Bullying at the University of Newcastle (Australia)

We are working to highlight and stop academic workplace bullying at the University of Newcastle, Australia. We are a group of staff and students who have been bullied for speaking out about misconduct.

Help make a difference –

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*contact us.

This will help us gather as much information as possible so that we can put an end to this bullying with its’ decades-long history.

“Systemic bullying, hazing and abuse generally are identified with poor, weak or toxic organizational cultures. Cultures that are toxic have stated ethical values that are espoused but not employed, and other non-ethical values which are operational, dominant, but unstated.

Such cultures thrive when good people are silent, silenced, or pushed out; when bad apples are vocal, retained, promoted, and empowered; and when the neutral majority remain silent in order to survive. Those who are most successful in such a toxic culture are those who have adapted to it, or adopted it as their own”. (McKay, Arnold, Fratzl & Thomas, 2008)

Thursday, January 9, 2014

How many of these apply to the University of Newcastle?

The Employment Law Handbook has compiled a list of warning signs of bullying in the workplace. They suggest using this list to investigate further.

 7 TELL-TALE SIGNS THAT BULLYING IS OCCURRING IN YOUR WORKPLACE

  1. Patterns of absenteeism or excessive sick leave.
  2. High staff turnover.
  3. A high number of grievances, injury reports or WorkCover claims.
  4. A workplace culture that accepts or promotes a ‘tough guy’, ‘dog eat dog’ or ‘harden up’ attitude to interpersonal relationships, performance management and distribution of work.
  5. Leadership styles that are particularly forceful, rude or aggressive, demanding, aloof, overbearing or micromanaging.
  6. Systems of work in which there is:
    • uneven or unfair distribution of work;
    • excessive intervention in a person’s work;
    • excessive amounts of work; or
    • provision of menial or tedious tasks, or failure to provide any (or any meaningful) work.
  7. Workplace relationships in which one or more people are excluded from a larger group or social activities.

6 comments:

  1. Below is an article from Science daily.

    Schools with an explicit anti bullying protocol are generally far more likely to be a school with a bullying problem.

    "One possible reason for this is that the students who are victimizing their peers have learned the language from these anti-bullying campaigns and programs," said Seokjin Jeong, an assistant professor of criminology and criminal justice at UT Arlington and lead author of the study, which was published in the Journal of Criminology.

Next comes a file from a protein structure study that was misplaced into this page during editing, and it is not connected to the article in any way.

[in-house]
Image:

http://www.sciencedaily.com/releases/2013/09/130912203337.htm

    ReplyDelete
  2. 1. The faculty of m($&@ has had an extraordinary level of stress leave from staff.

    2. Many staff have left this faculty or were fired.

    3. Most definitely a huge number of complaints, some involved gagging of staff members who were fired. Their story is still yet to be told.

    4. "This is the state of the industry" "We are the guinea pigs of the new system". Refusal to take responsibility for parts of the system failing. Constantly citing a lack of cooperation from other staff members or "work pressure". He even tried "I am in therapy" despite obviously no effort to try and remedy said situations. Relentless paranoia.

    5. I can't say who but one of the leaders comeback for any professional crticism was that they "were making him the target of their insecurities". Emails were not answered or tasks involving leadership quickly delegated to other staff members. Extraction of private information about students and staff from social media.
    Withdrawal of support from projects deemed worthless by leader.

    6. Staff members deliberately given extra tasks or unfair workloads in a attempt to demoralise or control. Job descriptions and course contents constantly being changed and renamed. People in constant fear for their job security.

    7. The inner circle of people who were "in" with the leader and those who weren't. The inner circle would often self appoint leadership decisions against the wishes or authority of other staff members.

    ReplyDelete
    Replies
    1. Very hard to take someone seriously who cannot play an instrument proficiently, has no discography of his own music, has no PhD yet has the nerve to call himself a professor of music.

      Delete
    2. This so called professor claims to have been in many contemporary groups but with no evidence available, hasn't published any peer reviewed research articles or has even actually personally directed anything to completion at the faculty.

      Delete
  3. Newcastle University - the world's worst University.

    Newcastle University is in the top 10
    "10 most high profile plagiarism scandals that rocked higher ed"

    http://www.onlinecolleges.net/2013/01/09/10-high-profile-plagiarism-scandals-that-rocked-higher-ed/

    This list was compiled from universities globally.

    The University of Newcastle has an extremely bad reputation. That's not including the Spautz case or the Bayley-Jones case. Meaning the same scenario keeping happening there.

    The world's worst University.

    ReplyDelete
  4. Anything that compromises the coroporate agenda of the so called "University of Newcastle" will be eliminated. That includes innocent people. They are on to a good thing this student thingo. Don't get in their way!!!!

    ReplyDelete